For many companies, discovering black discoloration on your wood packaging products can be troublesome. At first glance it might look like mold fungi, which are a great cause of concern regarding human health, but it might be something else entirely. There are types of fungi that grow on lumber called bluestain but they are not linked to human health concerns.
Interestingly, there are also other types of naturally occurring defects in lumber that might look like mold but in fact are not biological. Before you “jump the gun” and ask your supplier to replace all your wood pallets with fresh ones, keep in mind there are many types of naturally occurring, non-biological defects that may look scary, but are not caused by microorganisms (fungi, bacteria, etc).
Understanding the difference could save you time, money, and a great deal of worry. The report “Wood Discolourations & Their Preventions, with an Emphasis on Bluestain” discusses the different types of discoloration commonly found on wood products and how to identify them. The report at the bottom of the article includes pictures and examples of each of these discolorations.
Iron stain is considered the most common type of black stain found on wood products. According to the report, “it is caused by elemental iron reacting with phenolic chemicals in the wood to form black iron tannates, or common black ink pigment.” In other words, if particles of iron are deposited on wood during railway transport or if steel wire, staples, or nails are in direct contact with wood and the wood becomes wet, the wood might become stained dark with iron. Even saw blades will sometimes cause these streaks.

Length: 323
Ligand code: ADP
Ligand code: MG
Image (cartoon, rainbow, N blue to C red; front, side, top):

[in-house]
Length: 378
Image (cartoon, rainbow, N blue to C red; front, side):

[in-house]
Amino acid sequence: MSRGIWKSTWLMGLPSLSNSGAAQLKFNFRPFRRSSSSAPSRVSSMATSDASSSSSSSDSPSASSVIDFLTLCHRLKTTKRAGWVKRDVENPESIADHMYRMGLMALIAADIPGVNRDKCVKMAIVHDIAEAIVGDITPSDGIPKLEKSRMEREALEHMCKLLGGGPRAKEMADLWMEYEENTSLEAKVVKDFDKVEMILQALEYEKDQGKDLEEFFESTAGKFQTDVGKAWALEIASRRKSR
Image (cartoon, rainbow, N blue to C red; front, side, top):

In western hemlock, a type of discoloration occurs only after the wood is dried in a kiln. Whereas the unaffected areas appear light yellow, affected areas appear dark brown, making for noticeable differences in surface color variation. Below the surface of susceptible pieces, sometimes the brown stain will appear black after the wood is dried. This is known as zebra stain. Zebra stains happen when iron or manganese darkens the browning and makes it turn black.
If your wood product is left outside and exposed to the sun, over time it will darken (like a sun tan) and may make the wood appear dirty or damaged. The impact of sun exposure causes a chemical change in the tannins of the wood that, over time, react to the sun’s exposure. If this happens to your wood packaging product, or other lumber product, it’s said to be “weathered.”
Red alder, oaks, beech, maples, and other hardwood species are commonly susceptible to enzymatic discoloration. This is the reaction of enzymes or polyphenolic compounds in living cells. This produces a grayish or brownish tone in sapwood.
Typically seen in the forms of dark lines or streaks in oak, green or brown patches in sugar maple, or purple to black areas in yellow poplar; mineral discoloration sometimes develops in standing or fallen trees in mineral rich soils.
Preventing discolorations caused from iron stain and weathering are quite manageable. If you store wood products outdoors, keep them covered yet ventilated to prevent weathering. Also, keep your ferrous metals from having direct contact with lumber to prevent black ink stains. Other types of black stains and discolorations, like zebra stains, enzymatic discolorations or mineral discolorations, are naturally occurring and challenging to control.